October 31, 2023
New Survey Reveals That Hybrid Workers Aren’t to Blame for the Urban ‘Doom Loop’
Gensler’s 2023 City Pulse highlights how workers, residents, and local visitors are responding to their downtowns and what design interventions could improve their experience.
SAN FRANCISCO — The Gensler Research Institute released its latest City Pulse survey, revealing key findings from the report’s largest-to-date sample size from 53 global cities across six continents. The study details how workers, residents, and local visitors are responding to their downtowns in a post-pandemic environment, the improvements they want to see to avert the urban ‘doom loop,’ and the design interventions that would have the greatest impact on their experience. Surprisingly, the data reveals that far from abandoning downtowns, hybrid workers are visiting cafes, coworking sites, and third spaces at least some days they work from home. Additionally, the top activity that employees feel their central business district (CBD) supports is working — proving that the CBD itself isn’t likely a barrier for returning to the office.
As city leaders continue to seek guidance on how to revitalize downtowns, this new data highlights that the future of central business districts depends on more than just office buildings — it hinges on people. According to the report, the key to reactivating downtowns is the development of mixed-use and multi-modal urban centers that offer a diverse mix of experiences to engage all urban dwellers.
“Our data is clear: cities that are recovering more quickly are ones that appeal to workers, residents, and local visitors alike,” said Sofia Song, Global Cities Research Leader. “As we can see, the return of hybrid workers hasn’t solved the broader problem facing these urban cores. To transform our central business districts to central social or entertainment districts, we must steer away from mono-use cores solely aimed at professional services.”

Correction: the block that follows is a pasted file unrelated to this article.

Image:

The 2023 study, which surveyed 26,000 urbanites globally, provides insight into how three different downtown personas perceive their CBD. Those personas include residents (people who live in their CBDs), employees (people who are employed at a business or organization within their CBD), and local visitors (people who neither live nor work in their CBD but live in the city proper). By amplifying the voices of individuals across various generations, income brackets, and regions, the City Pulse survey offers pioneering insights into cities worldwide, directly from their most significant stakeholders — their people. Key findings from the report include:
A great downtown experience is driven by a blend of recreation, discovery, aesthetics, and work. People who feel that their downtowns meet these criteria prove to be the most likely to agree that their CBD provides a great experience.
- The strongest predictor of a great downtown experience is whether it’s a good place to have fun. However, despite the emphasis on access to recreation in cities, respondents also expressed a desire for downtowns to offer an ideal setting for work.
- 76% of respondents think their downtown offers a great experience, and over half report seeing improvements over the last year. Hybrid workers who work from home or an alternate location are as likely as other groups to report that their downtown offers a great experience.
- Safety and affordability are key concerns with 64% of respondents reporting their sense of personal safety has declined over the last year. In fact, increasing safety from crime is the top improvement stated by respondents globally.
- The top physical improvements people want to see in their CBD is a reduction in traffic congestion, more green space, and upgrades to the streetscape.